Think of this as an investment. It’s an investment in your people and your business’s future growth.
Create a safe and respectable work environment
Post-pandemic safety is still important to workers, so find ways to show them that you are trying to keep them safe. Some employees are looking for a place to work where the employer is clearly concerned with safety, such as requiring workers to be vaccinated.
Safety is also about feeling welcomed and valued, and that the work they do is contributing to something good.
The past few years have been riddled with emotional stressors, chaos, unease, and fear. Not everyone handles that the same, and that’s why you’ll have to work to create a respectful work environment
What you do now, in regards to safety, is an indicator of what employees can expect down the road. Your employee handbook of the last few years is going to need some revisiting.
Offer career growth opportunities
We all want a little hope.
Shift workers were forced to take time off of work for part of a year, giving them time to evaluate their work, their life, and what they want. A lot of people have career growth opportunities on their minds, and focusing on this at your workplace can be an excellent tool for attracting new employees.
Think of it as part of your benefits, the idea of offering career growth opportunities. Paid training, industry certification, conferences, a clear path to promotion, regular raises—anything that shows where someone starts isn’t where they will stay forever until they get bored and move on.
Not every business can offer the same growth opportunities, but there is always something you can do to show your employees you don’t think of them as cogs in the wheel. Even if it’s as simple as letting them rotate through tasks and duties so they get a feel for different types of work, it helps break up the monotony of what otherwise might seem like a “dead end” job.
Make the job application process easy
Lower the barrier to entry, and make it easy for candidates to find and apply for jobs.
This means providing clear information on the job, duties, and pay so they can easily see what is on offer. Don’t make candidates dig for information or require them to get far into the process before they can find that out.
Find new candidate pools by creating internships or apprenticeships that are attractive to a different set of potential employees.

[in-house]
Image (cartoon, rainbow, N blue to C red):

Offer flexible scheduling and work environment
Getting your shift scheduling right is critical. Wages alone aren’t enough, because there’s a quality of life issue on the table.
Workers re-entering the workforce have gotten a taste of work-life balance, and they aren’t going to give it up. They want more flexibility from their work, and one of the best ways to do that is offering flexible scheduling.
Using a shift scheduling tool like When I Work is a good way to make that happen. It makes it simple for you to create open shifts, letting workers request shifts that fit their schedule and swap shifts with each other. By making shifts flexible and giving some control to your employees, you let employees have control over their life while you get the shift coverage you need.
Emerging from a pandemic into a changed work world with a potential labor shortage is not at all easy.
Start by doing all you can to keep your current employees and implement strategies to retain new workers once you’ve hired them. Reset your way of doing business with an eye towards increased benefits and wages. And then, because you’re already dealing with enough, start using a shift scheduling tool that both empowers your employees and reduces your management load.
The importance of flexible scheduling for hourly workers
Shift work and hourly employment often come with inconsistent schedules, which can be a challenge for many workers. Flexible scheduling allows employees to balance their work with other commitments, such as family, education, or even second jobs.
Benefits of offering flexible scheduling